The Doom of XtraDB and Percona Server?

May 10, 2010 / By Sheeri Cabral

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In The Doom of Multiple Storage Engines, Peter talks about how the storage engine concept of MySQL is usually spoken of in positive terms, but there are many negatives.

I have a hard time trying to figure out the deeper meaning behind Peter’s post, given that Percona writes a storage engine for MySQL, XtraDB. Does this mean that Percona will stop developing XtraDB? Does this mean that the Percona Server will diverge farther and farther away from MySQL so that they’re not compatible any more and migrating from MySQL to Percona Server is very difficult?

Or maybe it’s just that Peter is saying one thing and doing the opposite; which just seems wrong because that would be blatant hypocrisy on Percona’s part.

(This idea was a comment on the blog post but seems to be trapped in the spam filter, so I’m posting it; apologies if the comment comes through eventually….)

My own opinion of the issue: Peter is factually correct with what he says. However, it’s nice to have the framework and be allowed to use more than one storage engine, or use exclusively one storage engine that’s not MyISAM.

5 Responses to “The Doom of XtraDB and Percona Server?”

  • William says:

    I don’t think that blog post was meant to be anything more than a invitation to discuss the issue. Percona is a great company, but I don’t think they want to fork Mysql so much that its completely different than mysql. That would be a huge task and would require a huge amount of man power they don’t currently have.

    I also wouldn’t even come close to calling it hypocrisy. For one thing Xtradb is pretty much just a few ( very valuable) patches on innodb. Its not anything radically different. Seccond, even if you did believe that he thought there should only be one, he specifically mentions that he doesn’t necessarily think it should be any particular storage engine.

    “Now lets think what we could have if we have a version of MySQL Server which drops everything but Innodb Storage engine (it could be NDB, PBXT etc, it does not matter).”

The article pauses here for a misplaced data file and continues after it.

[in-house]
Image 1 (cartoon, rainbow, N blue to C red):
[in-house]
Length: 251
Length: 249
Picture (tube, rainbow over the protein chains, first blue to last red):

Its very clearly a thought experiment. Maybe it will lead to something more, but more likely not.

  • William — I understand, I’m continuing the discussion. You missed the part where I said that “I have a hard time trying to figure out the deeper meaning behind Peter’s post, given that Percona writes a storage engine for MySQL”.

    What that means is “I’m confused” and so I posed *possible* meanings that I can think of, including:

    – Percona Server should be written to only use xtradb, so it can take full advantage of everything xtradb can do without having to cater to the needs of other storage engines. This is what he says MySQL should do with regards to storage engines, therefore it would make sense that it’s what he will do regards to his MySQL analog and his InnoDB analog.

    – Otherwise, Peter’s pointing out a problem, but contributing to it, by following the same model. That’s the possible hypocrisy.

    – Or, maybe they will change Percona Server to use one specific storage engine that isn’t xtradb…..

    If there’s really no change to Percona server, then Peter’s just pointing out an imaginary world and saying “imagine if we lived there”……and if that’s the case, it’s a thought exercise which has no value, because the world is imaginary and won’t come to pass.

  • Shlomi Noach says:

    Hi,

    I think that a discussion on an imaginary world is still a valid discussion.

    In the particular case of Peter’s post, and even assuming everything’s completely imaginary and will never take the shape of the described changes, it’s still worthwhile to understand the advantages/disadvantages with the current status.
    Why? Because it teaches us on the internals of MySQL; of why multiple storage engines make for both transaction logs & binary logs (I see many people coming from other RDBMS getting very confused about this); of how a direct design solves many of the existing problems; of how a SE based design solves other problems.

    Regards

  • Jeremy Cole says:

    Sheeri,

    I would actually wonder: Why does Peter’s post have to have a “deeper meaning”? I read it merely as pointing out that modularization has both positives *and* negatives. I myself have pointed that out many times too… but that doesn’t mean that it’s not a valid design decision. It means: know your limitations and know the positives and negatives of any system you using.

    Regards,

    Jeremy

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